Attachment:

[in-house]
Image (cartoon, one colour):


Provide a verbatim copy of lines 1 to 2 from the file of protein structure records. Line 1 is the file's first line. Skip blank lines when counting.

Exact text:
[in-house]
Image (cartoon, one colour):